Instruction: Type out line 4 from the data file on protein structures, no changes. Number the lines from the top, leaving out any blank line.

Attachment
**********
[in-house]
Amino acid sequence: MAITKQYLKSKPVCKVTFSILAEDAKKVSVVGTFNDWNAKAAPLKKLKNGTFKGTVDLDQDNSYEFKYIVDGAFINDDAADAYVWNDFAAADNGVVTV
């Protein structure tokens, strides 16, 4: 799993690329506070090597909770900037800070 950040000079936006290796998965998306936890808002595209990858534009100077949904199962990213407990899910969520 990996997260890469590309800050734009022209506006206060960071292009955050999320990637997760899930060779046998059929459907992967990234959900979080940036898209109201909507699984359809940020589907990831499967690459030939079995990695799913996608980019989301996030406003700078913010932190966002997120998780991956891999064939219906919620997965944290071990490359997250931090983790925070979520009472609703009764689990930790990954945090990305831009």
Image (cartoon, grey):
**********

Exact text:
Image (cartoon, grey):